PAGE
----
Anyway, back to distressed and faded clothes. There was an article in Vogue not so long ago about a similar topic. It discussed the rise of jeans as an appropriate dress-up outfit and how it worked because people knew that you could afford to wear something fancier or nicer, but you had chosen not to do so. Moreover, I remember John telling me about some similar confusions with antique shopping in China – ‘why would you want to buy something old?’
The lesson applies here as well: the distressed, the vintage and so forth only works when it is clearly an option, not when for most people it is a necessity. That is, it does not work here.
The discussion on the Bank President seems to have moved to a slightly more productive place now that the nominations are (nearly) out. That is, to humility, insider-ness, and karaoke.
The remaining uber-challenges of development—finding new ways to encourage private sector growth, delivering services in the world’s toughest places, creating incentives for better governance—are all objectives that will require creativity and learning-by-failing. This means finding new ways to encourage innovation and experimentation by staff and clients.
The field still doesn’t understand the development process very well and we certainly can’t predict the impact of various interventions in complex social, political, and economic systems. We need to try, test, tweak, and then try some more.
The head of the World Bank doesn’t need to be the smartest person in the room or the one with a ready-made Best Plan Ever… The candidate should be someone with a model in mind that enables risk-taking and iterative approaches. If the World Bank is going to help find solutions to the lingering problems of global poverty and underdevelopment, its next President must be a person that comes to the job with a willingness to experiment and a heavy dose of, dare I say it, humility.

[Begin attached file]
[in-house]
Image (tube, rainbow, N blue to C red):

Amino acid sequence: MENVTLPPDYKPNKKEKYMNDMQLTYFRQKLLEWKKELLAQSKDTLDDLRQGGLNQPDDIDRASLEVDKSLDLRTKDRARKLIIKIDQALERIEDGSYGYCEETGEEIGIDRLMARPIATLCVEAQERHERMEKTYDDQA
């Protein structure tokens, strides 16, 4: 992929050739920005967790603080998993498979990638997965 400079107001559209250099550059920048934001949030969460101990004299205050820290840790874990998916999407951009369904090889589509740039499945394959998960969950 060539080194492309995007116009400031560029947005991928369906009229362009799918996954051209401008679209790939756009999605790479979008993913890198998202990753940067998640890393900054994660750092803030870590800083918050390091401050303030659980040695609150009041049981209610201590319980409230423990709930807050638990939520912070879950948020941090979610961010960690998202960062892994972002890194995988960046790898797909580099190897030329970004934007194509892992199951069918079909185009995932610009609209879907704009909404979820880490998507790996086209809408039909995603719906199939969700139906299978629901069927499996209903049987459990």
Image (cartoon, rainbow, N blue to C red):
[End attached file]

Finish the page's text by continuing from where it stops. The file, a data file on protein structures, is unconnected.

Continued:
Rather than listening to the Washington Consensus, many developing countries took matters into their own hands at the turn of the century. Since then the developing world has grown faster than the rich, reduced poverty significantly and avoided the worst of the financial crisis that originated in the US. It would be ironic for the US to dictate the appointment at the World Bank in such an environment.
The World Bank is a full-service development institutions that provides loans and grants and development advice to promote development, which is the transformation of countries towards prosperous economies that support broad based improvements in material well-being, democratic polities that respect citizen rights and respond to citizen demands, and capable administrations that allow governments to carry out their core functions—law and order, education, macro-economic management, health, infrastructure, regulation, security.
Therefore an ideal candidate should have: